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Sovereign Wealth Funds: Is Asia Different?

Author

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  • Edwin M. Truman

    () (Peterson Institute for International Economics)

Abstract

Sovereign wealth funds (SWFs) have become a prominent feature of the international financial landscape. They are sufficiently diverse in their origins, structures, and objectives that generalizations are perilous. However, legitimate concerns have been raised in home and host countries about the management, behavior, and interactions of these funds. Many of those concerns can be addressed via increased accountability and transparency. The Santiago Principles are a good start in doing so, but Edwin M. Truman's SWF scoreboard points to areas where these principles can be improved. Meanwhile, SWF compliance must be further increased. At the same time, the Organization for Economic Cooperation and Development (OECD) effort to address concerns from the host-country side has not resulted in the erection of new barriers to that form of cross-border investment, but the OECD failed to reverse the creeping financial protectionism of the past decade. Because of their size and the source of their funding, some Asian funds are different. As a result, they will be held to a higher standard of accountability and transparency even as their government owners press for more openness to cross-border investment.

Suggested Citation

  • Edwin M. Truman, 2011. "Sovereign Wealth Funds: Is Asia Different?," Working Paper Series WP11-12, Peterson Institute for International Economics.
  • Handle: RePEc:iie:wpaper:wp11-12
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    Citations

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    Cited by:

    1. Kim, Woochan, 2011. "Korea investment corporation: its origin and evolution," MPRA Paper 44028, University Library of Munich, Germany.
    2. Mehrpouya, Afshin, 2015. "Instituting a transnational accountability regime: The case of Sovereign Wealth Funds and “GAPP”," Accounting, Organizations and Society, Elsevier, vol. 44(C), pages 15-36.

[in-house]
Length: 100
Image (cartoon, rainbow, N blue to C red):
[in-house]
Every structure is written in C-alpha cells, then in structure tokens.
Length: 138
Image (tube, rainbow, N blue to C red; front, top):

3. repec:taf:rjapxx:v:17:y:2012:i:2:p:193-207 is not listed on IDEAS
    4. Allie Bagnall & Edwin M. Truman, 2011. "IFSWF Report on Compliance with the Santiago Principles: Admirable but Flawed Transparency," Policy Briefs PB11-14, Peterson Institute for International Economics.
    5. repec:rss:jnljfe:v2i4p2 is not listed on IDEAS
    6. Joseph E. Gagnon, 2012. "Combating Widespread Currency Manipulation," Policy Briefs PB12-19, Peterson Institute for International Economics.
    7. Joseph E. Gagnon & C. Fred Bergsten, 2012. "Currency Manipulation, the US Economy, and the Global Economic Order," Policy Briefs PB12-25, Peterson Institute for International Economics.
    8. repec:rss:jnljef:v3i1p1 is not listed on IDEAS
    9. International Monetary Fund, 2013. "Iraq; Selected Issues," IMF Staff Country Reports 13/218, International Monetary Fund.
    10. Joseph E. Gagnon, 2013. "The Elephant Hiding in the Room: Currency Intervention and Trade Imbalances," Working Paper Series WP13-2, Peterson Institute for International Economics.
    11. Joseph Gagnon, 2012. "Global imbalances and foreign asset expansion by developing-economy central banks," BIS Papers chapters,in: Bank for International Settlements (ed.), Are central bank balance sheets in Asia too large?, volume 66, pages 168-185 Bank for International Settlements.

    More about this item

    Keywords

    Asia; international investment; OECD; Santiago Principles; sovereign wealth funds;

    JEL classification:

    • F3 - International Economics - - International Finance
    • F02 - International Economics - - General - - - International Economic Order and Integration
    • F21 - International Economics - - International Factor Movements and International Business - - - International Investment; Long-Term Capital Movements
    • F42 - International Economics - - Macroeconomic Aspects of International Trade and Finance - - - International Policy Coordination and Transmission

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